Source: http://blogs.wsj.com posted under Venture Capital Dispatch by Russ Garland on 7/29/11
An Inside look from VentureWIre at high-tech start-ups and their investors
In an industry dominated by men, at least three venture-capital firms are trying to raise funds that would go out of their way to help female entrepreneurs.
The latest is Women’s Venture Capital Fund, which is seeking $25 million for its first fund, Women’s Venture Capital Fund LP, VentureWire reports.
The firm is making early-stage investments in female entrepreneurs starting West Coast-based companies that have “a unique proprietary value proposition” in digital media and sustainability, according to its website. Management teams, however, must be “gender diverse.”
Co-founder and Managing Director Helen MacKenzie was a managing director at Softbank Technology Ventures and an adviser at Gabriel Venture Partners, according to her LinkedIn profile, which says she’s been working at the women’s venture fund since June 2010. Other members of the Women’s Venture Capital Fund include Monica Dodi, a media entrepreneur in Los Angeles, and Edith Dorsen, a management consultant in Portland, Ore.
Earlier this year, VentureWire reported that new venture firm ValenciaVentures was raising a $50 million fund aimed at women and minority entrepreneurs.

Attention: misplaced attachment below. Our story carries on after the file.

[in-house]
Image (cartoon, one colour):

And then there’s Illuminate Ventures founded in 2009 to support female entrepreneurs and raising a $35 million fund called Illuminate Ventures I.
These firms have their work cut out for them. Women-owned ventures accounted for 21% of the entrepreneurs seeking angel capital in 2010, according to the Center for Venture Research. Of that group, 13% received angel investment–some 5% less than the overall market.
And African Americans make up 1% of Internet company founders nationally, according to a 2010 CB Insights Human Capital Venture Capital report. All-black teams also raise less: a median venture amount of $1.3 million, compared to $2.3 million for all-white teams and $4 million for Asian teams.
Deborah Farrington, co-founder of StarVest Partners and the highest ranking woman on the this year’s Forbes Midas List of top venture capitalists, shared some thoughts in this interview with Forbes on how to encourage more women to become entrepreneurs and venture investors.
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